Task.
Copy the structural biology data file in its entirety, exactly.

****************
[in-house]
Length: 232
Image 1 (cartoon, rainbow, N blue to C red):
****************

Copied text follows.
[in-house]
Length: 232
Image 1 (cartoon, rainbow, N blue to C red):